After Siemian found Ebert for a 32-yard gain in Nebraska Territory, Colter connected with superback Drake Dunsmore for 23 yards before making what Schmidt called one of the most athletic plays he’s ever had. never witnessed.
“(He) jumps with the wrong leg, changes the ball in the air, and rocks the pylon with the ball.”
Colter’s three-yard run gave the Cats a 14-3 lead. When Nebraska missed a fourth conversion near midfielder, the Cats had the opportunity to take a definitive lead against one of the best programs in college football. But a costly interception in the end zone by Siemian led to Cornhuskers quarterback Taylor Martinez throwing his first touchdown pass, reducing NU’s lead to four.
Then, the basket of Budzien passed away from the uprights.
“I had a 45 yards with the wind,” said Budzien. “I hit him as well as I could hit him. For about 43 meters, it’s right in the middle, then it flies off to the left. And I missed and I was crushed.
Another punt from Nebraska, who ended the game four-to-two, gave NU another chance to maintain their lead. This time the Cats grabbed the momentum.
From the second quarter, Ebert noticed opposing safety crumbling as NU lined up with two players standing next to Colter in the shotgun, one receiver to his left and two receivers to his right. He left the entire left side of the pitch wide open.
So when the coverage changed at the time of the snap, Ebert ran straight ahead before heading left on a post route. As he burned Cornhuskers cornerback Ciante Evans, Dennard was too late to resume play. Nothing stopped between Ebert and what would become an 81-yard touchdown.
“The only thing that was going to ruin my stride was going to be the throw and the readjustment,” said Ebert, who finished with six catches for 147 yards. “Fortunately I had a fantastic shot. It hit me in stride and then I just got some green grass.
Even as Martinez led Nebraska on back-to-back touchdowns, a 66-yard Cats practice between scores was 7 minutes and 21 seconds behind. NU ran 13 times in a row – evidenced by bursts of 14 and 11 yards from Schmidt and a one-yard touchdown by Colter – to take a 28-18 lead with less than 90 seconds remaining.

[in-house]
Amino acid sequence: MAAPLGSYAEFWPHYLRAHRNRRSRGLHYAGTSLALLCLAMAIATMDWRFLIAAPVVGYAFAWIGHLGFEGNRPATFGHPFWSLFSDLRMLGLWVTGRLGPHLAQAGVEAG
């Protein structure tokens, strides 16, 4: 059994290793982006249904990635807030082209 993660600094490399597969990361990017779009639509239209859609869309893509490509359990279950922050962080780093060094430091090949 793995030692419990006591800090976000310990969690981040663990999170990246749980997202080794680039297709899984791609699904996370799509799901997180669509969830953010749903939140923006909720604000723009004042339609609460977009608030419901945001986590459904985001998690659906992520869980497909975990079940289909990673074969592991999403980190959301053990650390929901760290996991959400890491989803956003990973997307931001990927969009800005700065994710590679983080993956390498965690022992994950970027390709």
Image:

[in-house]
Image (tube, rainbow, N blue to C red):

The victory was officially sealed when wide receiver Charles Brown recovered the kick attempt outside the Cornhuskers. Behind 172 total yards and three touchdowns from Colter, two forced turnovers and 20 minutes and 23 seconds of possession time, the Cats had managed the surprise.
NU players quickly reunited with their fans and families after the victory and embarked on a rendition of “Go U, Northwestern”. Budzien called it the best time to sing the fight song of his career.
“Singing the fight song, there’s nothing better,” said Schmidt, now NU’s director of football operations. “But (it’s) something a little sweeter when it’s just you and your 70 guys and your coaches on the road against 90,000 people.”
When Budzien returned home he was watching college football when highlights from the Cats game appeared on screen. He watched his roommates, all team members, as they had a collective thought.
“Did this just happen? “
NU’s victory at Lincoln was critical: she finished the regular season 6-6. Earning a spot at the Meineke Car Care Bowl in Texas, the Cats fell to Texas A&M 33-23. Meanwhile, the Cornhuskers won just two more games and lost 17 points to South Carolina in the Capital One Bowl.
Big Ten West’s two enemies have played nine times since that November day, with Nebraska winning five of the clashes. But while the Cornhuskers have rotated four coaches since 2011, Fitzgerald has remained with the squad, making the Cats one of the rising powers of the Big Ten.
NU recently suffered heavy losses at Lincoln – he came across a Hail Mary when the deadline expired in 2013 and in 2019 lost to a last second basket. As the Cats return to Nebraska this weekend, they no longer play in the top 10. However, the magic of NU’s triumph at Lincoln 10 years ago still remains.
“It was one of those things when you take your pads off in the locker room, it’s like ‘Dude, this is special’,” said Budzien, who is a lineup reporter for some Cats games for WGN Radio. 720. “It’s not like we just beat Rice on the road or beat Indiana on the road. There was a Super Bowl feel.
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Twitter: @ dschott328